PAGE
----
Actress Halle Berry makes her directorial debut in Bruised, which uses the predictable rhythms of a fighter’s return to showcase flamboyant performances.
Berry stars in the film as Jackie Justice, a former MMA star who has been beaten up by alcoholism and abusive relationships with her longtime manager Desi (Adan Kanto). When Jackie is recruited into a new war league, she too is defeated. But her worldview changes when her little son Manny (Danny Boyd Jr.), whom she once abandoned, finds herself on the doorstep of her house. His vulnerability forces Jackie to confront the failures of his past and create more positive circumstances in his own life. She progresses in training, maintaining a constructive connection with the new trainer Buddhakan (Sheila Atim).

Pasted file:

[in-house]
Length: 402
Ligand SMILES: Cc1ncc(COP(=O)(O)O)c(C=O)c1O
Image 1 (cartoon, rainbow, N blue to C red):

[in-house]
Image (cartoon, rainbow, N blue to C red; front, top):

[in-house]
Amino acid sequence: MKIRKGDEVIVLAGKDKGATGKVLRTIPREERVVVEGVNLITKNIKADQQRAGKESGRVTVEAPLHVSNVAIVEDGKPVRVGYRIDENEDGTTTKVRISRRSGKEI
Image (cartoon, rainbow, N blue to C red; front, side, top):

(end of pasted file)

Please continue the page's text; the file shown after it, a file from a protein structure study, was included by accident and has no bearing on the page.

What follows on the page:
Berry keeps the pace of his film slow. There’s no doubt that Jackie will find redemption, but the film has been slow to climb out of disgust, deriving an almost masochistic satisfaction from witnessing the humiliations that precede triumph.
Berry externalizes Jackie’s depression through a shaky camera and desaturated color palette. The film threatens to fade into unnamed browns and grays at times, but as a director, Berry draws energy from strenuous physical performances. Berry puts the cast, including himself, through stages of brutal grinding in the boxing ring, liberation from drunkenness, and catharsis of intimate sex. Because the camera quickly picks up traces of blood, sweat and tears, every ounce of tenderness seems hard-won.
R-rated for violence, swearing, sexually explicit material and brief nudity. The duration of the performance is 2 hours 9 minutes. Watch on Netflix.